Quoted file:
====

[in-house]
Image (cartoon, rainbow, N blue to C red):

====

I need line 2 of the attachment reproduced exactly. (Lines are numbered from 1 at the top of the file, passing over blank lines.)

Image (cartoon, rainbow, N blue to C red):